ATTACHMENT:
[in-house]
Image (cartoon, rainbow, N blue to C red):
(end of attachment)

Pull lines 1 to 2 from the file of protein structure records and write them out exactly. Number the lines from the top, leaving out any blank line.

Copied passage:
[in-house]
Image (cartoon, rainbow, N blue to C red):